I knew today was going to be a scorcher, the hottest day of an otherwise mild Oregon summer. So, I got ready quickly and headed out the door for my morning walk, knowing that as the temperature climbed my ambition would drop. And I figured it was better to get an early start, and not risk wimping out later in the day.
I stepped out the front door and headed east toward First Edition, a charming neighborhood a couple of miles away. There were only a small number of folks out walking and enjoying the cool morning air. As I rounded the corner onto F street, there were two individuals walking briskly in my direction. There was also a large garbage truck rumbling slowly down the street that pulled over and stopped.
It Was Such a Little Thing
I speculated the driver was waiting to talk to his supervisor, or perhaps he was going to swap out with another driver. But after the three of us had all passed, the driver turned his truck and started backing toward a nearby trash enclosure. That’s when I realized he’d been waiting for us to safely pass, so we wouldn’t be inconvenienced or endangered as he backed across our pathway.
I reflected on the respect the driver had demonstrated by waiting. And how that type of thoughtful regard is often missing in our culture. It struck me, it is the lack of respect, the opposite of which the three of us had just experienced, that foments anger in our society.
The Other Person
Perhaps more than any other quality, it is the regard a person has for themself and others that determines whether they are thoughtful and courteous. But more importantly, respect is the foundation of a person’s honesty, integrity, and commitment to being responsible. And it is an essential ingredient in maintaining an enduring social fabric.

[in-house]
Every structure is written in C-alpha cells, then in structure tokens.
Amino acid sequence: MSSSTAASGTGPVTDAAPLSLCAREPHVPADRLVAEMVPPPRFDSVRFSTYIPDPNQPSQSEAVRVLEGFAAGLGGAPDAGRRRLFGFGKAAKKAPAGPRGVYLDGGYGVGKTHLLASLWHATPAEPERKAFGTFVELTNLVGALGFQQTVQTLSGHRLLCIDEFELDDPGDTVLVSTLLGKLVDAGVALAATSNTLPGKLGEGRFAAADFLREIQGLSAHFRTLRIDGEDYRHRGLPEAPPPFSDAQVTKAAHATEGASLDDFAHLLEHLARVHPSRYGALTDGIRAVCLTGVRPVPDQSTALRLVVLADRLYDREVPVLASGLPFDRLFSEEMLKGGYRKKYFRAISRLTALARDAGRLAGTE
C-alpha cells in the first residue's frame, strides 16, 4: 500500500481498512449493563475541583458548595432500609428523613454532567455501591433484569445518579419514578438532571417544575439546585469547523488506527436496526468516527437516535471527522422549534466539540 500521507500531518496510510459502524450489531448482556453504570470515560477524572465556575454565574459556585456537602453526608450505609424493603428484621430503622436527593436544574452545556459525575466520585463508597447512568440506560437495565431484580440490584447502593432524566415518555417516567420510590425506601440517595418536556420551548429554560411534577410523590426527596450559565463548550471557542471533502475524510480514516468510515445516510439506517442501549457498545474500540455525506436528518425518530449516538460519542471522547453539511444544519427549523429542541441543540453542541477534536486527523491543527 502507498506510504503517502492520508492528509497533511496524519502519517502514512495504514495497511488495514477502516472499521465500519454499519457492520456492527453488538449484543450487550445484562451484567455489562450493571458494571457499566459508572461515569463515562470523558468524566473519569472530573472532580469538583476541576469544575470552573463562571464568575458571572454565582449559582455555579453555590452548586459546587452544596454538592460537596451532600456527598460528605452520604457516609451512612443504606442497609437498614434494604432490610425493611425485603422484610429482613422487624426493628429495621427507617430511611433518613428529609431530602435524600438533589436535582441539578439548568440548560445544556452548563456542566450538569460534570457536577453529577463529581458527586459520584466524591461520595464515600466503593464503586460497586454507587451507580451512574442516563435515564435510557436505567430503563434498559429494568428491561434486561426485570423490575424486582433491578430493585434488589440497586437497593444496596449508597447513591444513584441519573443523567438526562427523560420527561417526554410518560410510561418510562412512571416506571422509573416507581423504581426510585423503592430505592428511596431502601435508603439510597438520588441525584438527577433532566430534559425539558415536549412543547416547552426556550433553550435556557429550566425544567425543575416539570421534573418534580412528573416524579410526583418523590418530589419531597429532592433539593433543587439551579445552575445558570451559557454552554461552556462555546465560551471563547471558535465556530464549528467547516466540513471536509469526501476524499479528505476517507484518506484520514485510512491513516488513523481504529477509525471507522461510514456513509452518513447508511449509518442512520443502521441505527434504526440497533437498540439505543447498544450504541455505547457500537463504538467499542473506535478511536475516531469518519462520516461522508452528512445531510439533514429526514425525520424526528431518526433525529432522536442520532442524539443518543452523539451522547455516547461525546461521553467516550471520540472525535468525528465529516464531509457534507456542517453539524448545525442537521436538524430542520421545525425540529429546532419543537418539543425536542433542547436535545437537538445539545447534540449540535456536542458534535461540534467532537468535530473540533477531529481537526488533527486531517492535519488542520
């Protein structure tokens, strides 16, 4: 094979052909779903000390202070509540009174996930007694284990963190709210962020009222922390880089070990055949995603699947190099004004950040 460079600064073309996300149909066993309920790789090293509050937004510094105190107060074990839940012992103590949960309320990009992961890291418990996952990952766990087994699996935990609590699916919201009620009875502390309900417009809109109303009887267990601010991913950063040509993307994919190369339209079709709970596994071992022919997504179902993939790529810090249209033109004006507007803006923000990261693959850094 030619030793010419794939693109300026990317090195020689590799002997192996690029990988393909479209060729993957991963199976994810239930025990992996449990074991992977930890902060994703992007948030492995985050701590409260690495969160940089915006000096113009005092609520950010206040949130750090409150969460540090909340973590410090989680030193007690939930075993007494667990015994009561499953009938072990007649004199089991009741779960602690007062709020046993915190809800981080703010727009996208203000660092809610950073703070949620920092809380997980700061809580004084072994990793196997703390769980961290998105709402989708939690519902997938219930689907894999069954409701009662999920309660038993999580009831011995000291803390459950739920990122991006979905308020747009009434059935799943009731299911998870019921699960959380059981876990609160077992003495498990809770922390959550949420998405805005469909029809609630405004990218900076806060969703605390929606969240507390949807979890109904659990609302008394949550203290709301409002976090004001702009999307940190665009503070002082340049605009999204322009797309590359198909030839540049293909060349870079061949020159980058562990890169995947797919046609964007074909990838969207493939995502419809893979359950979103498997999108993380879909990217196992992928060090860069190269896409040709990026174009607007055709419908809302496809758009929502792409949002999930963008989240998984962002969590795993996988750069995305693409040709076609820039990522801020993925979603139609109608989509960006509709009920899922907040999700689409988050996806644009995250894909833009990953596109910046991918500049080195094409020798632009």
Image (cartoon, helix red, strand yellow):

Conversely, it is the absence of respect and civility which allows individuals to lie, steal, cheat, inflict personal injury, and treat other races and economic classes as inferior. Disrespect is more than boorish behavior. It is an indication of social decline.
The “broken windows theory” holds that visible signs of deterioration (broken windows, vandalism, graffiti) encourage further disorder including more serious crimes. In a similar manner, increasing disrespect has precipitated social unrest, which has escalated in some locations to rioting and looting.
As I got to thinking about the garbage truck driver and the broken window theory, I got to wondering what I could be doing better in my own life to demonstrate respect. Believing that if each of us did just a little better, together we can make the world, or at least our world, a much better place. Here is what I came up with for me:
- Learn to be a respectful listener
- Model the behavior I would like to see in others
- Take time to understand, appreciate, and respect backgrounds, cultures, and orientations I am not familiar with
- Adopt a positive and solution-driven approach to resolving conflicts
- Have difficult conversations in person, not electronically, remembering email and social media have no voice tone to convey meaning
- Remember, I am not always right, and others are not always wrong
- As trite as it may seem, always say “please” and “thank you”
Lastly, I need to get better about not letting good behavior go unnoticed and unappreciated. Which reminds me, I need to send the driver’s company a thank you note.
What are your thoughts, what would you add to my list?